In addition to these important changes on the demand side, there were also significant changes in the methods of production in Canadian farming. Parallel with the experience in the US, the rate of technical change in farming accelerated sharply. By the middle of the century, horse-powered mechanical reapers and threshers were coming into common use, especially on the larger farms of Canada West. The result was greatly increased output per acre and a marked reduction in the demand for farm labour. Many farmers also began making substantial investments to improve agricultural land itself. Tiling fields to improve drainage and lengthen the cropping season and removing boulders and hedgerows to enlarge fields increased the efficiency of farming operations. The amount of information available to farmers also increased. Agricultural societies and educational programs became important features of farm life in the 1840’s and 1850’s, enabling farmers to learn about new crops and practices.
Such innovations were most readily taken up by the more prosperous commercial farmers of Canada West. In Canada East, farmers were slower to adapt to the new circumstances of the mid-19th century. During the 1840’s the rural population there grew rapidly, due mainly to a rising rate of natural increase, but average farm income appears to have remained more or less stationary. As transportation costs fell, farmers in Quebec faced increasing competition from producers in Ontario and the American mid-west, especially in the production of wheat, which lent itself to the more efficient large-scale production methods then being introduced. Few Quebec farmers, especially in the older seigneurial region, could afford to acquire the new machines or the horses to operate them. Some were able to survive by switching to other crops such as hay, buckwheat, and oats, or by giving up grain farming in favour of livestock raising and dairying. Others, who found themselves unable to adapt, left farming and moved to the cities. Large numbers of French-speaking farmers emigrated to find work in the factory towns of Maine, New Hampshire and Vermont.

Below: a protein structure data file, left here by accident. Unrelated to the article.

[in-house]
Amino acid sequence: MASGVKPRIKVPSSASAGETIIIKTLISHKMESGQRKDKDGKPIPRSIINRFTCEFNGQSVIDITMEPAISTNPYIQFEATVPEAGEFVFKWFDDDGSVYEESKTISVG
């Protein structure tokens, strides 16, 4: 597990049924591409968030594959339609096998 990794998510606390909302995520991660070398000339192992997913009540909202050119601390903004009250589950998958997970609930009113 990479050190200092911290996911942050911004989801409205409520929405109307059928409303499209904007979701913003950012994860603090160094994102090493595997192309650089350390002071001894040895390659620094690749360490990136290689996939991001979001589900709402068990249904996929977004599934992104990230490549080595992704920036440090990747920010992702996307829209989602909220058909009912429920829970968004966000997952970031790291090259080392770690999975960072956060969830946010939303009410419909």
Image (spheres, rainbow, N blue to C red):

After 1850 the same transportation improvements which made it difficult for Quebec farmers to compete in wheat production facilitated the development of markets for dairy and meat products. The growth of Montreal and other cities created markets for butter, cheese, and meat. Under Reciprocity Quebec dairy products were also able to enter US markets. When reciprocity ended (in 1866) the Canadian government imposed import duties on meat, butter and cheese to protect domestic producers from US imports.